But today I wanted to talk about a related feeling, which I like to call the Failure of Imagination. Last summer I was working my way through a DVD set of classic sci-fi, fantasy, and adventure movies that I had picked up at some point. I wound up watching a lot of these with friends and basically Mystery Science Theatre 3000-ing the films, and in particular the old space adventure movies from the 40s-60s provided much entertainment. It’s really fun to take a look back and see what sorts of things people envisioned the future holding for us – space travel, exoplanet exploration, robots. But what also struck me was the things that the filmmakers and storywriters couldn’t even imagine.
They could imagine spaceships and robots, but they couldn’t imagine wireless technology. Or storing information in digital form rather than on spools of tape.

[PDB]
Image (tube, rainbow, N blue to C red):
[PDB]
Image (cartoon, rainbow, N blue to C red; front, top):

They couldn’t imagine non-button-and-dial-based instrumentation.
And they definitely couldn’t imagine women in roles other than administrative assistants (or as the bad guys). SO MANY SPACE SECRETARIES.
First Spaceship on Venus (1960)
I kept thinking to myself – what sorts of failures of imagination are we having in palaeontology today? We can imagine so many things. But I wonder what kinds of things we won’t even know we don’t know. When we try our hand at speculative biology, what will scientists 80 or 100 years from now think was charming, or quaint, or ahead of its time. Failures of imagination are one of those things that make me nervous as a scientist, because I don’t like the idea that I won’t even know what I’m not imagining.
It was a whirlwind year for dinosaur palaeontology, yet again. This week I’m writing about what I consider the most important news in my science field for 2014, for the Science Borealis blog carnival. There are so many great stories to choose from! Kulindadromeus and feather-like structures in ornithischians? The bizarro new reconstruction of a short-legged Spinosaurus? Both of those stories were pretty interesting, but my choice has to be the description of multiple skeletons of the Mongolian ornithomimosaur Deinocheirus. Continue reading